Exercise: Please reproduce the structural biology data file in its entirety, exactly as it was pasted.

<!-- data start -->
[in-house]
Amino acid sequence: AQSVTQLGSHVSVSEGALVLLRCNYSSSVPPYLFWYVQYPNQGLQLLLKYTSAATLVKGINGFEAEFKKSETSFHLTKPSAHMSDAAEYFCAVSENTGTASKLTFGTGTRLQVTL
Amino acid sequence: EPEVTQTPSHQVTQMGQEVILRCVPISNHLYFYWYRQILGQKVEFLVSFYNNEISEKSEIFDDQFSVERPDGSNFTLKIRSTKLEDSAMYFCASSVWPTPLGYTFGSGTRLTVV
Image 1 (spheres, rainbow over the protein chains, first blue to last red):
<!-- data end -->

[in-house]
Amino acid sequence: AQSVTQLGSHVSVSEGALVLLRCNYSSSVPPYLFWYVQYPNQGLQLLLKYTSAATLVKGINGFEAEFKKSETSFHLTKPSAHMSDAAEYFCAVSENTGTASKLTFGTGTRLQVTL
Amino acid sequence: EPEVTQTPSHQVTQMGQEVILRCVPISNHLYFYWYRQILGQKVEFLVSFYNNEISEKSEIFDDQFSVERPDGSNFTLKIRSTKLEDSAMYFCASSVWPTPLGYTFGSGTRLTVV
Image 1 (spheres, rainbow over the protein chains, first blue to last red):